Quote from: Stephane Dumas on June 28, 2024, 09:14:41 PMThe MTQ had selected the new alignment of PQ-170 at St-Bruno near Alma.
https://www.quebec.ca/transports/projets-routiers/saguenay-lac-saint-jean/route-170-saint-bruno-route-169-alma-construction

There's a roundabout in there that does not belong. What's up with the MTQ butchering plans by putting roundabouts everywhere? See also QC 117 at Mont-Tremblant, A-73 in Saint-Georges, hell, even QC 199 in Grande-Entrée.
And New Brunswick :ded:

I guess the DOTs all around, especially in Canada, and particularly in Quebec, are afraid of environmentalists, and put lots of roundabouts all over new road projects, in order to avoid calling them "autoroutes" or "freeways".

But the problem is that those roundabouts will slow down traffic, and will eventually create brand new traffic jams. Probably not on what was supposed to be A-70 in Saguenay, but in many places LilianaUwU told us, like on QC-117 at Mont-Tremblant or A-73 in Saint-Goerges. The same is proposed on A-25 extension to Ste-Julienne, that will be another traffic jam spot once built; I easily can imagine that it will be almost impossible to take QC-125 roundabout towards Montreal on a Sunday night.

I guess that the most environmentalists that oppose any freeway project don't even have a car. Same old, same old...
- How many people are working in here?
- About 20%

...yes, it's my real face. Believe it or not.

I'm a semi driver in Canada (mostly in QC, NB and NS)

States/provinces/territories I didn't went in: AB, AK, AL, BC, HI, KS, LA, MB, MN, MS, MT, ND, NL, NT, NU, RI, SD, SK, WA, WI, YT.  Well, maybe some options for a post-retirement road trip. Maybe.

vdeane

Quote from: Richard3 on June 29, 2024, 03:49:53 AMI guess the DOTs all around, especially in Canada, and particularly in Quebec, are afraid of environmentalists, and put lots of roundabouts all over new road projects, in order to avoid calling them "autoroutes" or "freeways".

But the problem is that those roundabouts will slow down traffic, and will eventually create brand new traffic jams. Probably not on what was supposed to be A-70 in Saguenay, but in many places LilianaUwU told us, like on QC-117 at Mont-Tremblant or A-73 in Saint-Goerges. The same is proposed on A-25 extension to Ste-Julienne, that will be another traffic jam spot once built; I easily can imagine that it will be almost impossible to take QC-125 roundabout towards Montreal on a Sunday night.

I guess that the most environmentalists that oppose any freeway project don't even have a car. Same old, same old...
The thing is, giving in to the anti-freeway lobby tends to save money, so it's very easy for DOTs to be convinced to go along with it, unless they're particularly pro-car like Texas and Florida are.  A roundabout is certainly cheaper than an interchange, both immediately and long-term (no bridges to maintain).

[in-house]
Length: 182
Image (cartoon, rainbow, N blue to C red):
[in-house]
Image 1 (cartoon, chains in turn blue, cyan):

Please note: All comments here represent my own personal opinion and do not reflect the official position of NYSDOT or its affiliates.

Stephane Dumas

Quote from: Richard3 on June 29, 2024, 03:49:53 AMI guess that the most environmentalists that oppose any freeway project don't even have a car. Same old, same old...

Or they have a car but only for them and not the thee just like some so-called green Hollywood stars who use their private jet and/or yatch.

However some disliked the chosen alignment and wanted a more northernly alignment.
https://www.tvanouvelles.ca/2024/06/27/prolongement-de-la-route-170-des-proprietaires-de-saint-bruno-denoncent-le-trace-choisi
https://www.msn.com/fr-ca/actualites/quebec-canada/route-170-des-citoyens-de-saint-bruno-proposent-un-trac%C3%A9-encore-plus-au-nord/ar-BB1p5gG9

Stephane Dumas

It's a miracle then no one was seriously injured when a bus hit a Hydro-Quebec pylon.
https://www.cbc.ca/news/canada/montreal/power-outage-mont%C3%A9r%C3%A9gie-bus-1.7256557

The pylon in question as seen on GSV. https://maps.app.goo.gl/eFZ3HMZdzBZktpt76

cbeach40

Quote from: Richard3 on June 29, 2024, 03:49:53 AMI guess the DOTs all around, especially in Canada, and particularly in Quebec, are afraid of environmentalists, and put lots of roundabouts all over new road projects, in order to avoid calling them "autoroutes" or "freeways".

Absolutely not, 100% of the time roundabout vs. interchange discussion comes up in engineering it's about cost and constructability. And for what it's worth the biggest environmentalist factors such as active transportation facilities will push the cost/benefit scoring towards interchange not roundabout.

Given that roundabout vs interchange is a $15-20 million dollar difference, if you don't have massive cross/turning traffic then the throughput of a multi-lane roundabout won't be too much of a penalty vs interchange.

Quote from: Richard3 on June 29, 2024, 03:49:53 AMBut the problem is that those roundabouts will slow down traffic, and will eventually create brand new traffic jams. Probably not on what was supposed to be A-70 in Saguenay, but in many places LilianaUwU told us, like on QC-117 at Mont-Tremblant or A-73 in Saint-Goerges. The same is proposed on A-25 extension to Ste-Julienne, that will be another traffic jam spot once built; I easily can imagine that it will be almost impossible to take QC-125 roundabout towards Montreal on a Sunday night.

None of those locations look to be particularly high volume, multi-lane roundabouts should work fine.
and waterrrrrrr!